Not long ago, I heard John Risley interviewed on CBC about his collection of Maud Lewis paintings, and I was struck by how human he seemed. I was used to Risley being parodied in the media for his insatiable greed, but this report gave him artistic sensibilities, even a community spirit when he discussed his wish that the collection be donated one day to a museum.
Turns out, Risley is indeed a living and breathing, (and investing and spending) human, who Quentin Casey has done a brilliant job of bringing to life in the pages of Net Worth: John Risley, Clearwater and the Building of a Billion-Dollar Empire.
Net Worth: John Risley, Clearwater and the Building of a Billion-Dollar Empire
By Quentin Casey
Nimbus |359 pages | $34.95
Most of us know Risley through descriptions in the Halifax media, which tend to portray him as something akin to Ebeneezer Scrooge, but without the warmth. Within Casey’s deft prose, Risley is a workaholic, driven to make and spend as much money as he can, even in his seventies. He’s difficult. He yells a lot. The trappings of his wealth include superyachts, private jets and mansions (the plurals are intentional). But he’s also witty and has a softer side. He lets picnickers use his beach and is generous to his friends. When he arrived at a remote airport once and learned a woman was in labour, he had her flown by his private plane to the nearest hospital. (She ended up calling the baby John.)
The other gazillionaires who Casey interviewed think the world of him – all of them, that is, except possibly Colin MacDonald. He's Risley’s ex-brother-in-law and ex-business partner. The partnership ended badly, with MacDonald blaming its demise on Risley’s greed, spending, and reluctance to collaborate on important decisions.
But for several decades, they were a dynamic force in Canadian business. Risley was the visionary and wheeler-dealer, while MacDonald was a master of operations. Beginning in 1976, they changed the Atlantic Canadian seafood industry, by breaking into new markets in Europe and Asia and pioneering the use of on-land tanks for storage of live lobsters. These tanks allowed Clearwater to buy lobster during the lobster-fishing season when supply was high and prices low, and sell in the off-season, when the reverse was true.
Writes Casey: “Clearwater had started as a small retail shop but to succeed it had to become more than a simple seafood company: it was a technology company; a logistics company; a distribution company; a science and research company; and, eventually, a harvesting company too.”
One of the most interesting chapters of the Clearwater story is the final one, when the company was taken over for $1 billion by a partnership between Premium Brands and a group of Mi'kmaq First Nations. Setting aside the dollars and cents of the deal, this was an important act of reconciliation because it allowed the Mi'kmaq to once again harvest from the ocean.
While the story of Clearwater is interesting, the chapter that will be of most interest to Entrevestor readers will be the portion on Ocean Nutrition Canada. Launched in 1997, the Dartmouth-based company turned Omega-3 fatty acids into food ingredients. Fifteen years later, Royal DSM of The Netherlands paid $540 million for the company.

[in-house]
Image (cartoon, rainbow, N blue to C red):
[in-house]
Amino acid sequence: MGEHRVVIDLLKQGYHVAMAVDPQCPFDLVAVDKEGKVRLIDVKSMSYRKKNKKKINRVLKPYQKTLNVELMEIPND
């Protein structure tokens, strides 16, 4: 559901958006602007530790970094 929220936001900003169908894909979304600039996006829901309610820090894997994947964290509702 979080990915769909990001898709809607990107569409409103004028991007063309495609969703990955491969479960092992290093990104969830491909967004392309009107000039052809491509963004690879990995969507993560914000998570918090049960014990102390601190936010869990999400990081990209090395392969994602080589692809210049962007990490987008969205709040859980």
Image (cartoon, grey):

The ONC story was well known before, but Casey does a great job of fleshing out the story. It had been Risley’s baby from the word go, and MacDonald wasn’t that involved, even though their joint investment company sank $35 million in it. (Not a huge investment when you consider Risley has invested $65 million into Skinfix, the company headed by his second wife Amy.) ONC ventures lost money for years, and there were hard feelings when CEO Robert Orr was replaced with Martin Jamieson.
While the Risley-MacDonald partnership did well off Clearwater and ONC, they really cashed in on Columbus Communications, the Caribbean cable and telecom company that Risley set up with St. John’s businessman Brendan Paddick They sank US$50 million into that venture and eventually spun it into a fortune by selling out first to the stodgy British company Cable & Wireless for US$3 billion in cash, stock and assumed debt. They cashed in again when Cable & Wireless sold out to t Liberty Global for US$7.4 billion.
It was a huge windfall, but it was also one of two contributing factors that brought the relationship between Colin MacDonald and John Risley to a head. (The other was Risley’s divorce from MacDonald’s sister Judi.) While Casey does a great job of bringing out Risley’s personality, it’s MacDonald’s meat-and-potatoes persona that leaps from the page. MacDonald’s irreverence, candor and f-bombs breathe life into what was already a splendid book, and the reader forgets (just for a second) that this is a guy worth comfortably into nine figures.
My lone quibble with the book is that it doesn’t discuss Risley's role as a super-angel. He has invested in several Atlantic Canadian startups and even exited from Kinduct. But it’s a part of his business activities overlooked in this book.
Risley and his circle all co-operated on the writing of the book, and Casey did an impressive job of getting information from them – both in terms of the details of the businesses and the human relationships. Net Worth will stand for a longtime as the essential study of the region’s most important businessman.